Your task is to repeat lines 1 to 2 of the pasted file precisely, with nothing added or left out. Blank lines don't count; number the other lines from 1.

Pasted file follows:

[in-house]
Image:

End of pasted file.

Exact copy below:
[in-house]
Image: